There has been talk of upgrading to two launches per year - but only talk. In theory the $560M/year ground support equipment maintenance cost would be divided by two launches instead of one but that would get dwarfed by the cost of doubling all the unique production equipment. There has also been a statement about dropping the launch cost from $4B to $2B. I will take that as loquitur ex ano rather than an accusation of fraud in a meticulously accounted cost plus contract.

          SLS could not fly monthly even if politicians wanted that much money. A sustainable Moon program means Starship as much as possible until a competitor can offer something equivalent at a similar price.

  2. Spherical Cow
    Thumb Up

    Very exciting!

    We've been talking about SLS for soooo long and now we can see the light at the end of the tunnel! Bring on August, you can be sure I'll be streaming the launch.

    1. Snowy Silver badge

      Re: Very exciting!

      Hope the light at the end of the tunnel is not an on coming train.

    2. Flocke Kroes Silver badge

      Re: Very exciting!

      I think we are looking for different lights.

      A single SLS is $2.2B - ignoring R&D costs. Add in $568M for the ground systems, $1B for Orion and $300M for the service module and you get to $4B per launch. Maximum cadence is at best 1/year and the wheels fall off that after three launches (Artemis IV requires a new upper stage and a badly over budget and delayed mobile launch structure).

      For comparison a Crew Dragon on a Falcon Heavy could do SLS's job for $250M with multiple launches per year. A crew Starship would be <$100M and many launches per year.

      SLS is slurping up budget that could be spent on space suits, a Luna rover or a moon base while at the same time restricting Artemis to one launch per year. That will strangle any hope of a sustainable presence on the Moon. At the current rate of progress NASA astronauts will eventually get to the Moon and will be able to look at the window where they will see Jared Isaacman offering to let them borrow a space suit.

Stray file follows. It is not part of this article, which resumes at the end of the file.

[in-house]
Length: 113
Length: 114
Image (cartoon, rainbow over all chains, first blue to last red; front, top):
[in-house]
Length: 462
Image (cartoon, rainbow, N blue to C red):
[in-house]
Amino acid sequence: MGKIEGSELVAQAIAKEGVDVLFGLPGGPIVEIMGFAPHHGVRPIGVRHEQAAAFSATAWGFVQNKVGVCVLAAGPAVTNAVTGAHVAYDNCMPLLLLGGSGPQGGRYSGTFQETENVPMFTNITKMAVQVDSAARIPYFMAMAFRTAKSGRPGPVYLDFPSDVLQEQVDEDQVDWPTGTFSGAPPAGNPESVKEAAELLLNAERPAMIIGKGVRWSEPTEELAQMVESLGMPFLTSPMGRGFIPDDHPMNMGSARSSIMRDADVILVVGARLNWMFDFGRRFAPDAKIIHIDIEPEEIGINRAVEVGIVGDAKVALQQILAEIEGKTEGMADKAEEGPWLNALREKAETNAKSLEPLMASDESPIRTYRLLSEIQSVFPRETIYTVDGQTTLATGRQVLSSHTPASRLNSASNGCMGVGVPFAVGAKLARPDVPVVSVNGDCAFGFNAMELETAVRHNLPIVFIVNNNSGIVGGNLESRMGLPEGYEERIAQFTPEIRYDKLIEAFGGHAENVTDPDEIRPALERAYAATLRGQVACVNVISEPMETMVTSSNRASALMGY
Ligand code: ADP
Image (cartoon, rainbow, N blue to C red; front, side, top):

The only way Americans get a sustainable presence on the Moon is if they write to the politicians and ask for a Moon program instead of this SLS "jobs" program. The light I am looking for at the end of this tunnel is the proper cancellation of SLS, and not a re-naming as happened with Constellation/Ares.

  3. Anonymous Coward
    Anonymous Coward

    Rocket Lab said they'll put some scones in the oven, to welcome the new neighbours when they arrive.

    1. Spherical Cow

      To be fair, NASA did get to orbit slightly before Rocket Lab.

      1. Flocke Kroes Silver badge

        RocketLab are catching up, NASA are exiting the business

        NASA has caught returning bits of space craft with parachutes and helicopters. RocketLab has made one catch but had to drop because the load was swinging more than expected.

        Space Shuttle SRBs descended under parachutes, splashed down and to some extend got re-used. Electron rockets have descended under parachutes, splashed down and some components have been re-used.

        NASA has sent payloads to Lunar orbit. RocketLab will send a payload to NRHO on the 27th (Lies, damned lies and rocket launch schedules).

        NASA used to re-use the main engines and payload fairing on a heavy launch vehicle. RocketLab has started work on a medium launch vehicle with a fully re-usable first stage and fairing.

        RocketLab are making early progress on a rocket that could me more cost effective than Falcon 9. NASA are close to launching a rocket over 6 times the cost of a Delta IV heavy (first equal most expensive rocket in history).

        NASA are moving out of the launch business. In future they will buy commercial launches for everything congress does not require them by law to launch with as many shuttle-derived components as possible.

  4. Pascal Monett Silver badge
    Thumb Up

    A hydrogen fuel leak, but everything's fine

    Why do I have flashbacks of Challenger reading those words ?

    Is it the engineers that made that evaluation, or the head beancounter ?

    1. John Robson Silver badge

      Re: A hydrogen fuel leak, but everything's fine

      That wasn't a hydrogen leak... the tank was annihilated by the impinging of an unintended rocket exhaust directed at the tank rather than the ground.

    2. Doctor Syntax Silver badge

      Re: A hydrogen fuel leak, but everything's fine

      Or the head of PR?

  5. StrangerHereMyself Bronze badge


    So in 2024 we'll attempt to redo what Apollo 8 did 56 years ago (in 1968)?!! This sounds pathetic to me and a clear indication of the risk-averse space exploration strategy NASA is pursuing.

    At this pace we'll probably land on Mars in 2100 or so.

    1. My other car WAS an IAV Stryker Silver badge

      Re: Pathetic

      "At this pace we'll probably land on Mars in 2100 or so."

      Pending anything catastrophic or truly surprising, it's not going anywhere... just 'round and 'round the Sun, same as we are. Patience, grasshopper.

    2. The Sprocket

      Re: Pathetic

      I'd prefer we'd leave the Moon alone and put energies into robotics well beyond.